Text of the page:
Packers let Flynn go free
If he didn’t, Johnson wouldn’t be preparing for an auction for Flynn’s services come the start of free agency March 13. He would be facing the prospect of a much smaller group of suitors and a potentially less lucrative contract.
Rather than play the franchise game, Thompson chose to let Flynn go to free agency without any restrictions. He could have lined up a potential trade partner and then put the franchise restriction on Flynn, making it necessary for anyone interested in the backup to give the Packers compensation.
Johnson thinks Thompson’s sense of fair play took over. Putting the franchise tag on free agents for the sole purpose of trading them is frowned upon—although not completely forbidden—under NFL rules, and he thinks Thompson just didn’t want to go the route of circumventing the league’s anti-tampering statutes.
“A large part of that is that Green Bay absolutely does it by the book,” Johnson said. “No tampering, and I admire that.”
It’s possible that Johnson is giving Thompson too much credit. Maybe Thompson just found that nobody was so interested in Flynn that they were willing to give up a draft pick just for the right to sign him to a huge multi-year contract.
There are a lot of quarterback options out there and it could be that quarterback-hungry teams weren’t completely convinced that Flynn was worth giving up a high draft choice given he has started only two games. It probably will wind up being cheaper to sign Andrew Luck and Robert Griffin III than it will be to sign Flynn.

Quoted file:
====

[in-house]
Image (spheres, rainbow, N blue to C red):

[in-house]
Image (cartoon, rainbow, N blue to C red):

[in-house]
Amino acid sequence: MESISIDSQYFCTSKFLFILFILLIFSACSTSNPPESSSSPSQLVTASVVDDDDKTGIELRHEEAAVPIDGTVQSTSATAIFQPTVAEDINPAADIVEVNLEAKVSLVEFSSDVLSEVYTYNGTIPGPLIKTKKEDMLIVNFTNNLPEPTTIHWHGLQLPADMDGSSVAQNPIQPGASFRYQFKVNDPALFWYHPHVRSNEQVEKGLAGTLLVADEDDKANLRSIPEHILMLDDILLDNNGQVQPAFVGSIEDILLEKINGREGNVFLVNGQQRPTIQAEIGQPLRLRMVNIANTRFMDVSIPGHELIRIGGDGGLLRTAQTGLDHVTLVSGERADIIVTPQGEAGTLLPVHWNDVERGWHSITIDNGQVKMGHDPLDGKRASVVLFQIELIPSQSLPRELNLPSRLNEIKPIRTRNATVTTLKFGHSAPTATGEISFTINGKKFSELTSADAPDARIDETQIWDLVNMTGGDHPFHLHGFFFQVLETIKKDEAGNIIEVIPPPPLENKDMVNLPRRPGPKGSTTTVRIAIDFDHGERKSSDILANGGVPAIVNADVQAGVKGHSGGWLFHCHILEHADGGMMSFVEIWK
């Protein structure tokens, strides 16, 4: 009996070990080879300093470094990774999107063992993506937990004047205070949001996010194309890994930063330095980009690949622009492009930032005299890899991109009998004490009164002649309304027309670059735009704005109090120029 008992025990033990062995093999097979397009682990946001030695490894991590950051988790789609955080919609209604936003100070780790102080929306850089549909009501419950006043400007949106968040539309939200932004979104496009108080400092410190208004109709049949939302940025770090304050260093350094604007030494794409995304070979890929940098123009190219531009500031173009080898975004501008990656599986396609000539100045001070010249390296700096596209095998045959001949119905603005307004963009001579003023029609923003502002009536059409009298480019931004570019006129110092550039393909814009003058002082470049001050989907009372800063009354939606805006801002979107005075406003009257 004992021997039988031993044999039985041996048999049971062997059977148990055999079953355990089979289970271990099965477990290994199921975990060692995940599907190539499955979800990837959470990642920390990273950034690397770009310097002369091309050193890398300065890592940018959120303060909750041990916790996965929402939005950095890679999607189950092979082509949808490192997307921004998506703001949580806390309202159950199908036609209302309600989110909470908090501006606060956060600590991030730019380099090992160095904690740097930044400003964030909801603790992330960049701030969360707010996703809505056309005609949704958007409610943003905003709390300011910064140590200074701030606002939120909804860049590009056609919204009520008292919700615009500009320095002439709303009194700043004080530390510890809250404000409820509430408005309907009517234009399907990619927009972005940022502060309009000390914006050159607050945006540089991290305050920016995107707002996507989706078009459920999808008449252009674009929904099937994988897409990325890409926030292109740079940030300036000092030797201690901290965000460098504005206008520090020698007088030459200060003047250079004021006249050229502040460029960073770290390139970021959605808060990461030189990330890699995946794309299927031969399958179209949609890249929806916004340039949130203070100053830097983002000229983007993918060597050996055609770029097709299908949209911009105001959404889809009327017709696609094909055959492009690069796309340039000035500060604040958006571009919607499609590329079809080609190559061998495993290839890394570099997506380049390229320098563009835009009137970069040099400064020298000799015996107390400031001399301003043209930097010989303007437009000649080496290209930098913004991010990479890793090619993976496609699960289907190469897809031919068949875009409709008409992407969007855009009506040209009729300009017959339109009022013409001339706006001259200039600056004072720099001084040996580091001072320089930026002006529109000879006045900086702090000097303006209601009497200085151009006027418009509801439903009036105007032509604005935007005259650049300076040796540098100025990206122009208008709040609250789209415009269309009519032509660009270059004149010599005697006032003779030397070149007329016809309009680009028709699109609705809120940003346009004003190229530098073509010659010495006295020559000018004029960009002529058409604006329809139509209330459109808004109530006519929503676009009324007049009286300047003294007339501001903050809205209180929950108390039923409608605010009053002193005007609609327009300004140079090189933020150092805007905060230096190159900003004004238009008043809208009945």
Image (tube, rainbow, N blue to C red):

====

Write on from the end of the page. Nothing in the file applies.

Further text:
And so it appears teams didn’t push the issue with Thompson and Thompson didn’t push the issue with them.
The result is that Flynn now has the ability to choose the best team and the best offer. If he wants to go play for Joe Philbin in Miami, he can do that. If he wants to replace Colt McCoy in Cleveland, he can do that. If he wants to help Pete Carroll take the Seattle Seahawks to the next level, he can do that.
As for the Packers, the only compensation they’ll get for Flynn is a draft choice in 2013. Assuming Flynn signs a big deal and has a successful season and Thompson doesn’t sign any restricted free agents, Thompson has a shot at getting a compensatory pick at the end of the third round.
If he signs an unrestricted free agent or two that will work against his net loss and reduce whatever compensation, if any, he receives for departed free agents. Flynn could also stumble and that could affect the Packers’ net loss. There are a lot of variables.
The bottom line is that in order to put the franchise tag on Flynn, Thompson would have had to play it with ice in his veins. The risk of taking on a $14.4 million franchise number and finding out no one was interested in trading for Flynn was too much for Thompson to take on.
It’s likely Thompson’s decision became final after the combine when it was clear to him a sign-and-trade wasn’t a slam dunk.
All along, Thompson has been weighing the value of center Scott Wells and whether to offer him a long-term contract. But negotiations were nowhere a month ago and it’s likely they haven’t gone much further to this point.
Putting the franchise tag on Wells is not an option because the cost is $9.4 million and that’s definitely more than anyone wants to pay for a center. Putting the transition tag on Wells would be one possibility, but that number might be around $7 million and all it does is give the Packers the option to match an offer.
There is still a week before free agency starts, and the real work won’t get going until this weekend when the deadline approaches.
For Matt Flynn, the party begins March 13.